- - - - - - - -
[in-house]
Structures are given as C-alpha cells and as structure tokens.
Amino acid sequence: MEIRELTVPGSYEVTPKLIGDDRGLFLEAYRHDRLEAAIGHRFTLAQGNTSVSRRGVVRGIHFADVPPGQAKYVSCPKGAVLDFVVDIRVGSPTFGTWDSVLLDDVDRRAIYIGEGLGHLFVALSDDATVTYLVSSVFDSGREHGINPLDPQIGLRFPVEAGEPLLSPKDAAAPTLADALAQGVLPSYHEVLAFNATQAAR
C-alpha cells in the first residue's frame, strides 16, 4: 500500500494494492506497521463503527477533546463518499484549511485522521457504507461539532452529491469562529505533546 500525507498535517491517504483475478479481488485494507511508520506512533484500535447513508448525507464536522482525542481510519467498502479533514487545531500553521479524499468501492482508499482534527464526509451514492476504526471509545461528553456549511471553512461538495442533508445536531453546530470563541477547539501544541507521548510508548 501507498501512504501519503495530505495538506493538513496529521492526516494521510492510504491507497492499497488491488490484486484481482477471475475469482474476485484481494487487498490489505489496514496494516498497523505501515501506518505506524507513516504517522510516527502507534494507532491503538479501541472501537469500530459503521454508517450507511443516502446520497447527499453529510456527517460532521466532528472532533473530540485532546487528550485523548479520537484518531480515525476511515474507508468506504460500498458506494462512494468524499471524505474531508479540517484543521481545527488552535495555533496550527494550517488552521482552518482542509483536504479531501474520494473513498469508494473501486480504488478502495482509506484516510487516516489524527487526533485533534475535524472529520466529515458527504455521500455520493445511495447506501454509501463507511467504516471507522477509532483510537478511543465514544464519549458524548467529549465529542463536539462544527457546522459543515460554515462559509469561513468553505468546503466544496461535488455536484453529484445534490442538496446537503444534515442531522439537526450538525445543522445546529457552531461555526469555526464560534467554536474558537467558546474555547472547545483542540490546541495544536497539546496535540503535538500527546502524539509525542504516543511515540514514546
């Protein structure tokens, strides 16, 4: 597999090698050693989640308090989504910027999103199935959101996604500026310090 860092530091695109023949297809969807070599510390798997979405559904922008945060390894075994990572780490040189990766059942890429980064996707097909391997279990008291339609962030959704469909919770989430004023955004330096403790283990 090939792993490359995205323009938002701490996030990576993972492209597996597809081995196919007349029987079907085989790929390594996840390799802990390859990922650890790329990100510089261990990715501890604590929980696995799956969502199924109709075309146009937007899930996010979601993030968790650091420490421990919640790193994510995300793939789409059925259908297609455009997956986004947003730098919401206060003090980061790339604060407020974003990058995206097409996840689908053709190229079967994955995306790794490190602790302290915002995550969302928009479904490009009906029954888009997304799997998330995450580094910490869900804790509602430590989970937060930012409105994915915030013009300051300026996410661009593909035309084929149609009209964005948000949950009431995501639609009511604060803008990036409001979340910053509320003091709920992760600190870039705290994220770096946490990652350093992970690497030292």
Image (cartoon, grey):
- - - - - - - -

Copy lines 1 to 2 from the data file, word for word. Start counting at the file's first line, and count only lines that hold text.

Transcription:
[in-house]
Structures are given as C-alpha cells and as structure tokens.